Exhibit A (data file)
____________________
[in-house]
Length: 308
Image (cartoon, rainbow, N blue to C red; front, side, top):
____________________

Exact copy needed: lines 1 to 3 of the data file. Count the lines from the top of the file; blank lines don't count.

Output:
[in-house]
Length: 308
Image (cartoon, rainbow, N blue to C red; front, side, top):